Feb 3, 2016
Pablo Larrain, the Chilean poet laureate of cinematic discomfort, is back with a movie about the Catholic church that makes Spotlight seem like a stroll in Disneyland.
After the unusually lighthearted No, the final part of his political trilogy about Chile, Larrain sets his sights on a highly disturbing parable about the unyielding power of the Catholic church. The film takes place in a remote coastal town, in a house that shelters a group of ex-priests and one chillingly devoted nun. They seem good natured enough, almost sitcom material: the one who is devoted to his greyhound, the one who drinks too much, the one who may (conveniently) not have all his marbles in place, the nice, caring nun. Turns out they are basically living under Catholic house arrest. This house is where the church has put them out to pasture for their different sins, or, as we call them in civil society, crimes, all having to do with their abuse of power. As we learned in Spotlight, this is the church's M.O.: when it's not sending criminal priests to devastate unsuspecting parishes, it sequesters them in houses and pays their keep for life.
Life at "the club" is uneventful until people start showing up, as truth is wont to do. First, they have to welcome a new member, another priest, towards whose sins of pederasty they are not charitable. His arrival provokes the appearance of a drifter; a drunk, unhinged, miserable man, who stands outside their window and explains at the top of his lungs what the newbie did to him when he was a boy, sparing no detail. This compels the church to send another visitor, an enforcer priest, who comes to set the house in order.
And this is where things get gnarly. Because Larrain is not interested so much in morality, as in the warped psychology of people who operate under the impression that they have a religious dispensation for their gross abuse of trust. He is interested in exploring a hermetic system so closed and alien to the laws and customs of normal people, that it has its own perverse logic. In this powerful chamber piece, this perverse logic takes the spiraling form of deep, complex, corrupt motivations. The only analogy I can think of, if you take out the loveliness, and replace it with the darkest dark, is the absurdity of Alice In Wonderland. This is a parallel world with its own crazy rules, and the deeper we fall into the rabbit hole, the more disturbing the illogic.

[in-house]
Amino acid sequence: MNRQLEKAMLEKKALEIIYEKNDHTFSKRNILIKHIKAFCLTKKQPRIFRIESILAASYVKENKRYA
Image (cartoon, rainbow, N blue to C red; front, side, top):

The fact that the priests drink and gamble, and have a firearm in the house, is nothing compared to the mental gymnastics they exercise to absolve themselves of their evil actions, from sexually abusing children to stealing babies from political prisoners (all stuff that happened in real life, in Chile and elsewhere). They may pray and reflect all they want, but they are not truly repentant because none of them really believe they did anything wrong.
It is amazing to witness how entitled and arrogant they are in their little prison of compulsory guilt. They feel they are doing enough penance by sharing a house in the boonies where their only entertainment is watching TV and taking the greyhound to dog races, with which they supplement their meager income. They are beyond salvation, beyond repair. And so is the drunk, who carries the hurt of his abuse like a crushing stone on his shoulders. His, like theirs, is a wasted life.
The young, modern priest who comes to clean house is an intellectual, but he is not what we expect. If you are hoping for someone with a solid sense of virtue, someone who will enlighten and purify the rancid atmosphere, you are in for a surprise. He represents the moral confusion of a church that is stubbornly behind the times and above the law, and that will still do anything to keep its power and stonewall the truth. Like his charges, he will do anything to maintain the status quo. But he finds an incredibly perverse solution to the house and its problems. It may keep you thinking for days.
Larrain's trademark is a merciless penchant for discomfort, scented with whiffs of human debasement as well as of the most corrosive humor. This is his best movie so far. His particular gifts have coalesced into a masterful command of tone and content. The Club is a very intelligent film, splendidly written, directed and acted, that reveals the bizarre illogic of religious malfeasance for the infinite spiral of rot that it is.